The Pizza Man of Kauai – Tom Iannucci
When most people think of “pizza” and “Hawai‘i” they think of pineapple and ham. Tom Iannucci thinks about brick ovens and learning more from his peers at the Association of Verace Pizza Napoletana, who commissioned his pizzeria as their first certified pizzeria in Hawai‘i.
It all started on Long Island, New York, where Tom grew up. “It wasn’t the best neighborhood,” says Tom. “A lot of my buddies were going to jail, so after the Beirut bombing in 1983, I joined the Marines. I met my wife, D’lissa, in Tokyo and meeting her changed my life.”
“I actually ended up stationed at the embassy in Beirut as part of the Marine Diplomatic Security Force. One day, when the phones actually worked I called D’lissa, who grew up on Kaua‘i and she asked me, ‘what’s it going to be? New York or Hawai‘i?’ At that point, Hawai‘i sounded really good.”
Iannucci’s first stay in Kaua‘i only lasted a month. “Coming from where I did, it was too quiet, too soon. So we moved to O‘ahu for four years before returning. When we did, I threw myself into the community. I became an Assistant Pastor for Calvary Chapel, visited prisons and spoke at many schools.”
But through this period, something was missing: Pizza.
“I couldn’t eat the pizza in Hawai‘i. I drove my wife crazy making pizzas in our little apartment’s oven. I started calling pizza parlors in New York City asking for advice. Most weren’t very friendly, but I persisted. I installed a gas oven in my carport and began to host big pizza parties for the kids. Eventually, I built a brick oven in the driveway and started delivering the pizzas to the neighbors, and even making them for the police and fire stations.”
Iannucci traveled the world chasing his passion. On a trip to Naples, he fell in love with Neapolitan style pizza, a method that involves a pizza that is cooked in brick ovens at temperatures in excess of 900 degrees for as little as 90 seconds. “For my 50th birthday, my wife asked me what I wanted,” Iannucci remembers. “I said ‘I want to go to the International Pizza Expo in Las Vegas.’ It was there that Iannucci found his lost tribe. “They were all speaking my language!”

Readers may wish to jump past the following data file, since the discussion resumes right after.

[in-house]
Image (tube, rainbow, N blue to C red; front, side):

With the brick oven he built from scratch, he started making pizzas by the dozen. “People told me for years I needed to open a restaurant, but it wasn’t until I woke up one day with three kids in college, and trying to get by on a pastor’s salary that I actually decided to take the advice.”
With a little financial help from his friend and partner Dave Erickson, and after 32 years of assimilating to local culture, Iannucci opened Pietro’s in August 2015 on Rice Street in Līhu‘e. Shortly after, the current front location became available, and that opened in May of 2016. “We sold out every day for two weeks,” says Iannucci, “We were so busy, I couldn’t even get the Neapolitan side open until August.” Pietro’s was even the “Editor’s Choice” for Best New Restaurant in Hawaii Magazine’s “Best of the Best” in 2018.
In April, Iannucci launched a new restaurant and lounge at the Poipu Shopping Village named Pietro’s Pizza e Pasta. “It’s four times larger than the original, and features pasta as well as pizza.” The new Pietro’s is also more diversified in that it features live music in the lounge. “The showcase will always be pizza,” says Iannucci, “but I want to work on sauces, new pizzas and specialty dishes.
As a former resident of the New York City area, I ask Iannucci about the legend of New York water making for the best pizza doughs. “There’s truth to that,” he says, “but Kaua‘i has some of the best water in the world. Our water comes as natural artesian water that filters down from Mount Wai‘ale‘ale, where it rains 540 inches per year. I’ll put our water up against anyone’s.”
Lastly, I had to ask Iannucci about his favorite pizza. “I’m a meat lover—Portuguese sausage, cured meats, pepperoni chunks and add some jalapeno’s for a good kick. But our signature pizza is the pepperoni, aptly named The Don Pietro.”
For more information on Pietro’s, go to pietroskauai.com